Born to be Posthumous : The Eccentric life and Mysterious Genius of Edward Gorey: What can we say–it’s a good week for biographies! Edward Gorey’s wickedly funny and deliciously sinister little books have influenced our culture in innumerable ways, from the works of Tim Burton and Neil Gaiman to Lemony Snicket. Some even call him the Grandfather of Goth.  But who was this man, who lived with over twenty thousand books and six cats, who roomed with Frank O’Hara at Harvard, and was known–in the late 1940s, no less–to traipse around in full-length fur coats, clanking bracelets, and an Edwardian beard? An eccentric, a gregarious recluse, an enigmatic auteur of whimsically morbid masterpieces, yes–but who was the real Edward Gorey?  Based on newly uncovered correspondence and interviews with personalities as diverse as John Ashbery, Donald Hall, Lemony Snicket, Neil Gaiman, and Anna Sui, Mark Dery has created reveals Gorey in all his quirky glory, a deeply complicated and conflicted individual, a man whose art reflected his obsessions with the disquieting and the darkly hilarious.  Anyone who has savored Gorey’s remarkable illustrations and poems will love this work–NPR agrees, saying in its review: “The best biographies are the result of a perfect match between author and subject, and it’s relatively rare when the two align perfectly. But that’s the case with Born to Be Posthumous–Dery shares Gorey’s arch sense of humor, and shows real sympathy for his sui generis outlook and aesthetics. Dery’s book is smart, exhaustive, and an absolute joy to read… the biography [Gorey] has long deserved.”

The Kinship of SecretsEugenia Kim is an author long-endeared to readers, and this newest novel is a beautiful mix of historical insight and deep character work that fans and newcomers alike will find compelling.  In 1948 Najin and Calvin Cho, with their young daughter Miran, travel from South Korea to the United States in search of new opportunities. Wary of the challenges they know will face them, Najin and Calvin make the difficult decision to leave their infant daughter, Inja, behind with their extended family; soon, they hope, they will return to her.  But then war breaks out in Korea, and there is no end in sight to the separation. Miran grows up in prosperous American suburbia, under the shadow of the daughter left behind, as Inja grapples in her war-torn land with ties to a family she doesn’t remember. Najin and Calvin desperately seek a reunion with Inja, but are the bonds of love strong enough to reconnect their family over distance, time, and war? And as deep family secrets are revealed, will everything they long for be upended?  This book, told in alternating perspectives by the two sisters, is a story inspired by Kim’s own life, and is full of moving truths that make it unforgettable.  The Washington Post noted how it “Beautifully illuminate[s] Korea’s past in ways that inform our present….Kim infuses a coming-of-age story about being an outsider with the realities of the war, which forced many family separations, some of which still persist today.”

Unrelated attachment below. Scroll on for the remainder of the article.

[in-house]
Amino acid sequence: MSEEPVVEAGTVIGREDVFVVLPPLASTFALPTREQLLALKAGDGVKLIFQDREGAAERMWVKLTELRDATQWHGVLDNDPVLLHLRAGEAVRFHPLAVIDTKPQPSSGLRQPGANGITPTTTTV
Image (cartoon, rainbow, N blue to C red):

Until next week, beloved patrons–happy reading!

The 2018 National Book Award Winners!

On Thursday, November 15, the National Book Award winners were announced in New York, in a ceremony hosted by Nick Offerman.  In addition, writer Luís Alberto Urrea presented the Medal for Distinguished Contribution to American Letters to Isabel Allende, saying in his presentation that  “Isabel is calling us to believe in words of love, words of witness.  You can’t build a wall to keep them out. You can’t lock them up. She has taught us that words have wings. They fly over barriers, and they sing all over the globe.”  Hidden Figures author Margot Lee Shetterly presented Doron Weber with the Literarian Award for Outstanding Service to the American Literary Community.  Weber is the vice president and program director for the Alfred P. Sloan Foundation,which runs a program for Public Understanding of Science, Technology & Economics, which supports projects that bridge science and the arts (check out the link–it’s a pretty amazing place!).

Then came the announcement of the Winners of National Book Awards in the categories of Fiction, Nonfiction, Poetry, Translated Literature, and Young People’s Literature.  We are pleased to list the winners below, with links to their NOBLE catalog entries.  Come into the Library and check out these award-winning books for yourself!